Summer is a great time to do some reflecting on the year so far, because we often have fewer engagements and more time to think. During busy times, it is so easy to get into ”doing” mode that we often do not stop to think about what we have accomplished so far or where we want to go next. Still, reflection is a significant part of learning and personal growth, so it is important to take a break for it once in a while.
I reflect on my life and business on at least a monthly basis, but as a rookie entrepreneur, I wanted to extend my reflection also to a quarterly review. I now have my first quarter behind me and the learning curve has been steep. Here are some of the things I have learned so far:
Local networks matter also in online business
Even though I work almost 100% online, I have already noticed that local communities still matter. Being active for example in local Facebook groups, attending events and volunteering for interesting projects take you out of your own ”business bubble” and provide you with new acquaintances, peer support and business opportunities. I have, for example, gotten three potential collaboration partners and two potential business projects so far just by being active in my networks.
Money is not the only valuable commodity
When you are starting your business, it is often not easy to find enough paying customers to be able to outsource tasks to others. Besides, often you don’t even know what you should be investing in, and you want to keep your expenses low.
That is why I am now a strong believer in exchanging services. For example, one of my free practice coaching clients is a translator and offers proofreading services in English for other entrepreneurs. Since she has been happy with the results from my coaching, we have agreed that she now pays for it by proofreading my website and blog articles. This way we can both utilize services that are valuable to us, but which we could not necessarily afford otherwise.
Business buddies are the best
Working for yourself can sometimes be quite lonely, and I’ve noticed that I am more creative when I can exchange ideas with other people. That is why I have deliberately aimed to find myself some business buddies that I can talk to about my business and ideas. It also has the benefit that I don't overwhelm my friends and family with my business talk.
Luckily enough, I’ve already found one on LinkedIn, and now we talk on Skype once a month to exchange ideas. In addition to sharing our thoughts and feelings about starting a business, we can count on getting valuable feedback and support for our experiments from each other.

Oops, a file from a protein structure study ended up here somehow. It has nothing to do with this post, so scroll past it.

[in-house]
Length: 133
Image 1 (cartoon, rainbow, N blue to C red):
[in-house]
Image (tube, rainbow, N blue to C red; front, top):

Mentors and coaches can help you more than you can imagine
I wrote about this topic already in my post about how a coach can benefit from coaching, but I just need to say it again: coaching and mentoring can be invaluable. Thanks to all the feedback, encouragement and best practices I have gotten from my mentor and coach, I have been more effective in starting my business and gotten more paying customers. So it has definitely been worth the investment.
You create awareness by telling stories and helping others, not by selling
Thanks to my own business, I actively follow many Facebook groups for entrepreneurs. In many of these groups, members can also share ads about their business, so it has been interesting to see what works and what does not. What I have noticed so far is that direct selling like ”Hi, I offer these and these services with this price” rarely works, whereas telling stories and helping others with useful comments is more engaging. People tend to remember those who have helped them, not the ones who only sold to them.
Patience is a virtue
People have the tendency to underestimate the effort needed to achieve a desired outcome. So if you are a time-optimist like me, you expect to be a lot quicker in writing blog posts, getting new clients or building a brand for yourself. What we tend to forget is that there are no shortcuts or overnight successes. Even those that seem to get awareness and growth fast are usually working extremely hard behind the scenes. So, patience is certainly a virtue in the entrepreneur life, too.
There are naturally many small things I have learned in addition to these, but I would say these have been my biggest lessons so far. It is still too early to say what the next three months will bring, but I am certain I will continue to learn a lot along the way.
But now I want to hear from you. What have you learned in the past three months? Share your thoughts and comments below or send me a message. I would love to hear your lessons!